Long after Prime Minister Benjamin Netanyahu succeeded in passing his massive judicial reform law, hundreds of thousands of Israelis are still protesting what they see as a threat to Israeli democracy, and their personal freedom.
"We have a liberal awakening that we never witnessed in Israel's history," says Nadav Tamir. "People who were always indifferent woke up and they're demonstrating in the streets for 34 weeks, which is unheard of."
Dahlia Scheindlin says one of the big fears is whether there will be violence.
"Every small scuffle between protestors and police raise is the fear that violence will spread. Nobody's been killed, thank God, but all of these things put everybody very on edge," Scheindlin says.
But some Israelis see cause for hope.
"In the U.S. you needed a civil war in order to save you from slavery. I think in Israel it can happen without a civil war," Tamir says.
Today, On Point: The latest on Israel's battle for its own democracy.
Nadav Tamir, Executive Director of J Street Israel. Former diplomat who served under three foreign ministers.
Dahlia Scheindlin, Public opinion researcher and international political strategist. Columnist at Haaretz. Author of The Crooked Timber of Democracy in Israel: Promise Unfulfilled.
Sally Abed, Political activist and leader at Standing Together, the largest Jewish-Arab grassroots movement in Israel.
Josh Drill, American Israeli who served as a platoon commander in the Israel Defense Forces, now a spokesperson for the pro-democracy protest movement.
MEGHNA CHAKRABARTI: In late July, Israel’s parliament, the Knesset, passed the first part of Prime Minister Benjamin Netanyahu’s sweeping reforms to completely overhaul the nation’s judiciary. The reform limits the Israeli Supreme Court’s power, and effectively delivers a powerful tool for far-right lawmakers to reshape Israeli society.
The measure passed despite massive and historic protests. In January, hundreds of thousands of Israelis flooded into the streets to oppose Netanyahu’s plan. Eight months later, the weekly protests are still going on.
DAHLIA SCHEINDLIN: A lot of Israelis asking questions they haven't asked in the past about what democracy really means. What are the policies that contradict democracy?
CHAKRABARTI: Dahlia Scheindlin is a public opinion researcher and a columnist for the Israeli newspaper, Haaretz. She first joined us in March of this year, to provide analysis on what she sees as the deep historic roots of Israel’s current political crisis.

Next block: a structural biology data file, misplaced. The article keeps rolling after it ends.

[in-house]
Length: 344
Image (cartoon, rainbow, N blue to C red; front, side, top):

We connected with her again this week to better understand how the protest movement has evolved.
SCHEINDLIN: We don't know exactly how representative they are because nobody's going around with proper sampling methods at the demonstrations, trying to figure it out. But we do know from survey research that over 20% of Israelis say they've participated in the demonstrations, which is remarkable for public demonstrations. Usually in most countries we would see somewhere, in the very low single percent, maybe three or 4% in total say they generally go demonstrate.
CHAKRABARTI: That means 20%, or one in five Israelis have taken to the streets to protest their sitting government, which, they fear, will turn Israel into a hard-right fundamentalist state. But how widespread is this fear?
SCHEINDLIN: The protests are not a fully representative sample of Israeli society. For one thing, they're heavily Jewish. There are very few Arab citizens, Palestinian citizens who participate. They're certainly skewed towards centrist Israelis by their own self-definition and left-wing Israelis, and to some extent there are moderate right-wing Israelis, but there is certainly some representation of religious people, of people of Mizrahi background.
There are different class levels despite the government's best efforts to vilify this as some sort of upper crust, 1% elitist protest. It's absolutely not the case. They are largely middle class. Certainly, we have representation of a whole spectrum of professional communities, community organizations, schools. Representatives of medical organizations, unions, I mean, there are such a swath of society that even if it's not representative, there is a big and unusual cross section of the population.
CHAKRABARTI: Scheindlin says this raises the question – when protestors say they’re fighting to protect Israeli democracy, does that include the rights for non-Jewish citizens, Israelis who are Arabs, and other Palestinians in the West Bank and Gaza?